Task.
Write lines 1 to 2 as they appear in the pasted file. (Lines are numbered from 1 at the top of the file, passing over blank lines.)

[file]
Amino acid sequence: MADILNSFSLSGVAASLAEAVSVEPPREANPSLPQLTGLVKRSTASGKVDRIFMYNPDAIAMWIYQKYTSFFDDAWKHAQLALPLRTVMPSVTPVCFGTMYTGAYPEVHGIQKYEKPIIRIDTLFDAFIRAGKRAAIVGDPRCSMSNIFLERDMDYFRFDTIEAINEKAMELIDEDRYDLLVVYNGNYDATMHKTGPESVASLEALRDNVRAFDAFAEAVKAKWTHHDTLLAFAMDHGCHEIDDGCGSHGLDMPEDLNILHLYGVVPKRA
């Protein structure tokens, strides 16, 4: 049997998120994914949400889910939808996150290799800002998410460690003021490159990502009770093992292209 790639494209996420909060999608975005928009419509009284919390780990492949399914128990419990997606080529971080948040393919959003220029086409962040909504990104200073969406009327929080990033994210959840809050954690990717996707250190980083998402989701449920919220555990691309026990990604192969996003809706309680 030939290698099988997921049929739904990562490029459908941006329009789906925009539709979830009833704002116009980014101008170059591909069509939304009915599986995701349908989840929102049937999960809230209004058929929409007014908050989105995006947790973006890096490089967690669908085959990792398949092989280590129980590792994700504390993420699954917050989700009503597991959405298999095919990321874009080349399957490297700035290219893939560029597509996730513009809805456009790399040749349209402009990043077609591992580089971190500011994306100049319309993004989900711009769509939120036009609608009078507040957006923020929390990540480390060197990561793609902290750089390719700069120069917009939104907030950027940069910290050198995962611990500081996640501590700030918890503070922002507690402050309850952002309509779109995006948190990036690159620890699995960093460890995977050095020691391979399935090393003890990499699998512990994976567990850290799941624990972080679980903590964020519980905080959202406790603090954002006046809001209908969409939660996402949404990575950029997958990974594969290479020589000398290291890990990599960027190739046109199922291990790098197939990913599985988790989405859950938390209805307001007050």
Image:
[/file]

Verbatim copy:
Amino acid sequence: MADILNSFSLSGVAASLAEAVSVEPPREANPSLPQLTGLVKRSTASGKVDRIFMYNPDAIAMWIYQKYTSFFDDAWKHAQLALPLRTVMPSVTPVCFGTMYTGAYPEVHGIQKYEKPIIRIDTLFDAFIRAGKRAAIVGDPRCSMSNIFLERDMDYFRFDTIEAINEKAMELIDEDRYDLLVVYNGNYDATMHKTGPESVASLEALRDNVRAFDAFAEAVKAKWTHHDTLLAFAMDHGCHEIDDGCGSHGLDMPEDLNILHLYGVVPKRA
């Protein structure tokens, strides 16, 4: 049997998120994914949400889910939808996150290799800002998410460690003021490159990502009770093992292209 790639494209996420909060999608975005928009419509009284919390780990492949399914128990419990997606080529971080948040393919959003220029086409962040909504990104200073969406009327929080990033994210959840809050954690990717996707250190980083998402989701449920919220555990691309026990990604192969996003809706309680 030939290698099988997921049929739904990562490029459908941006329009789906925009539709979830009833704002116009980014101008170059591909069509939304009915599986995701349908989840929102049937999960809230209004058929929409007014908050989105995006947790973006890096490089967690669908085959990792398949092989280590129980590792994700504390993420699954917050989700009503597991959405298999095919990321874009080349399957490297700035290219893939560029597509996730513009809805456009790399040749349209402009990043077609591992580089971190500011994306100049319309993004989900711009769509939120036009609608009078507040957006923020929390990540480390060197990561793609902290750089390719700069120069917009939104907030950027940069910290050198995962611990500081996640501590700030918890503070922002507690402050309850952002309509779109995006948190990036690159620890699995960093460890995977050095020691391979399935090393003890990499699998512990994976567990850290799941624990972080679980903590964020519980905080959202406790603090954002006046809001209908969409939660996402949404990575950029997958990974594969290479020589000398290291890990990599960027190739046109199922291990790098197939990913599985988790989405859950938390209805307001007050």